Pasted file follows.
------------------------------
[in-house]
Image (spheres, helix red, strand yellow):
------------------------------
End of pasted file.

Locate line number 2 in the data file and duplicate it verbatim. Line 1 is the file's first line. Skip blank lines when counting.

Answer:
Image (spheres, helix red, strand yellow):